Rowan suggested that day length, or photoperiod, was the environmental cue that triggered the timing of migration and reproduction in the species.  Many follow-up studies on numerous species of birds confirmed this conclusion and demonstrated the existence of an internal biological clock (circadian rhythm) in birds and most other organisms, including humans.  Studies on birds identified the role of melatonin in the regulation of the circadian rhythm, a fact that has led to the use of melatonin to alleviate the effects of jet-lag in humans.


Bainbridge police blotter, March 12

March 18th, 2014 by Ethan Fowler

Policebanner11-09

The following items were taken from Bainbridge police reports by reporter Ethan Fowler. For more blotter, visit bainbridgeislander.com and click on Bainbridge blog link on the right side of the screen.

March 10
Theft in third degree: A man living on the 7800 block of Spring Ridge Road responded to a burglary. While en route to respond to the call, officers observed a vehicle matching the description of the suspected vehicle. The 20-year-old Peninsula man driving the suspected vehicle tried to elude officers but was later stopped. The driver was arrested for criminal trespass in the second degree, theft in the third degree, driving on a suspended driver’s license, reckless driving and displaying a disfigured plate with a fictitious year tab affixed that was hand drawn and colored with a crayon. A 19-year-old male passenger in the vehicle had three warrants out of Kitsap County. The third occupant was released. The driver and the passenger with the warrants were booked at Kitsap County Jail and their vehicle was impounded. The bail for the driver was set at $15,000 and passenger $6,000. Pictures of the stolen evidence were placed into evidence.

Identity theft: A man living on 10000 block of Lafayette Avenue reported his credit card had been used fraudulently in Stone Mountain, Ga., for more than $8,000 in his checking and $6,000 from his savings account. Documents from the man’s bank indicated 17 purchases of more than $505.95 each at Kroger grocery store in Stone Mountain.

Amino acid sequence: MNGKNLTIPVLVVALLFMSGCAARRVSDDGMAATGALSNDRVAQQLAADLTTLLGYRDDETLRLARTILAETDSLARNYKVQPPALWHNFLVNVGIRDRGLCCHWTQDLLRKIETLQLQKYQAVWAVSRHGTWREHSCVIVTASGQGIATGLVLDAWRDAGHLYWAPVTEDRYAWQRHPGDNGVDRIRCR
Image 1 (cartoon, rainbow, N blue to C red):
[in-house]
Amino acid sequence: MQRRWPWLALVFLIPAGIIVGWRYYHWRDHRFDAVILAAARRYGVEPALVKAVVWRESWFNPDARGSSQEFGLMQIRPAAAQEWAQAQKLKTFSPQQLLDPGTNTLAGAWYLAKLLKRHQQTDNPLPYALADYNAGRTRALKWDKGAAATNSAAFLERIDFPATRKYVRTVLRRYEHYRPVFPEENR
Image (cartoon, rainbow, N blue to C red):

Stolen bicycle: A man living on 9100 block of Northtown Drive reported that his Kona brand 18-speed hybrid road bike with black and red handlebars was stolen from his front porch between 6 and 8 p.m. The bike is two years old and valued at $2,700.

March 9
Boat theft: A man living on the 200 block of Parfitt Way reported that the dock box on the foredeck of his boat was missing. The deck box contains four folding chairs that were also missing. Later that day, the man found a small children’s table in the trash dumpster. He recovered the table and returned it to his boat.

Driving while license suspended: A 39-year-old man living on the 100 block of Lovell Avenue was stopped in a grocery store parking lot on Winslow Way. He was pulled over because his driver’s license was suspended in the second degree as a result of a driving while intoxicated charge.

March 7
Found property: A woman brought a ring of keys she found hanging on a limb of a bush at the corner of Winslow Way and Lovell Avenue a couple weeks ago.

Animal at large, harassment: Two dogs got loose and killed two neighborhood chickens that lived at a home on the 9500 block of Lovgren Road and two other chickens that also lived on Lovgren. The owner of the dogs who lives at 9400 Eric Place called the police stating that he was being harassed and threatened by the owner of the chickens. The dogs were a wolf-husky hybrid. The officer contacted the Kitsap County Animal Control.


Birding on Bloedel: Drink your ‘teeeeeeeeea’ listening for the Towhee

March 12th, 2014 by Ethan Fowler

“A Year of Birding in Bloedel” is a column that runs every Friday in the Bainbridge Islander. The project is planned to continue in 52 parts through 2014 to help readers find and identify birds in the island’s garden sanctuary.  Beginning with this entry on the bald eagle, each column will also be published here on the Bainbridge Conversation blog each Friday.